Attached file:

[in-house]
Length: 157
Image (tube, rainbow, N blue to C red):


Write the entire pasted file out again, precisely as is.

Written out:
[in-house]
Length: 157
Image (tube, rainbow, N blue to C red):